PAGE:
Paula Prober nails it!
I must issue another trigger warning here, but found this article extremely enlightening and educating in terms of the vicious cycle loops that traumatized people might find themselves in. Read at your own discretion.
I found out about MAPS.org in 2014 and their – then phase 2 – trials addressing the many challenges that patients suffering from (complex) post-traumatic stress disorder are confronted with day in, day out on account of the condition. As … Continue reading
“Music opens a path into the realm of silence.”
Art by Julia Kuo from The Sound of Silence by Katrina Goldsaito
Wow. This is deep, way deep! I chose to repost it here, because in my own journey through life I’ve often found music to be a realm that softens some of the harsh conditions and experiences we are presented with while in the flesh. (whether or not there is something beyond our physical existence would be subject to a different discussion, one I currently don’t have too much interest in having to be brutally blunt).
I am grateful to have always had a close, deep, most meaningful relationship with music from my earliest days on the planet. I was also given the opportunity to learn playing the guitar and piano, I’ve dabbled with other small instruments as a toddler and young boy, found my way into the local music scene later and throughout High School. Given the demise of my former career in 2007 and erosion of material existence to the very brink of homelessness a few times, I’ve since sought to rekindle the passion I once felt for (live) music and reestablish that relationship and bring it more to the center of my waking awareness again. (to small avail, though, but again… that’d be a different story).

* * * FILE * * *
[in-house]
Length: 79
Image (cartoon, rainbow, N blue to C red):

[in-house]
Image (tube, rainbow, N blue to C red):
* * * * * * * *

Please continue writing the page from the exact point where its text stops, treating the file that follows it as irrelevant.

The words in above article resonated strongly with me. (I found it on brainpickings.org and the latter through one of the several blogs on Highly Sensitive Persons, as I seem to fall into the category of such individuals living with an innately different, much more responsive and finetuned nervous systems, which can be both a gift as well as plain torture depending on the circumstances you live in. But – this will also be something that would digress us too far). As I’ve pulled out my instruments from the closet and started playing them on a more regular, near daily basis again, as I’ve started to listen to and dabble in small snippets of film score and other genres I previously hadn’t paid much attention to, I couldn’t help but wonder whether music wasn’t the most noble, most sublime of all art forms (no offense towards other artists or art forms….). And this article along with the ones quoted and linked to therein seems to corroborate what I seem to have intuitively found out. What I find interesting is the fact that music touches and moves musicians/composers and mere listeners alike at an intensity that seems to be unique to music. In particular the healing potential, most noteably in patients and elderly people suffering from dementia, Alzheimer’s or another neurodegenerative condition, seems to find its way into the medical and health/care mainstream at a progressed rate.
At any rate, I don’t mean to tell you what to make of it. Read and see for yourself if so inclined. I just found it interesting to find some thoughts and musings on music being well established in literature and philosophy from early on. Don’t miss out listening to the beautiful Bach piece, which I’ll take the liberty of resharing directly below. Enjoy!
„Hinhören – ohne das Trauma zu beschwören“. Ein Interview mit Prof. Gereon Heuft, UKM Münster
Here’s an interesting text about crisis prevention and intervention in the context of care for the elderly. Unfortunately, it’s in German, hope, GoogleTranslate can do a half decent job translating.
… starts creeping up my spine stronger and stronger and in the face of some real family
drama tragedy. I spare you the details about the family situation, let’s just say that an underlying situation or history of – perceived? real? – abuse seems to get exposed in the light of my parents wanting to craft their last will.